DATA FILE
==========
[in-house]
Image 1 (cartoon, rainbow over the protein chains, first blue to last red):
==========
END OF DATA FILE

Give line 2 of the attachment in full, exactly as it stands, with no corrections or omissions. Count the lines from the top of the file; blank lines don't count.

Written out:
Image 1 (cartoon, rainbow over the protein chains, first blue to last red):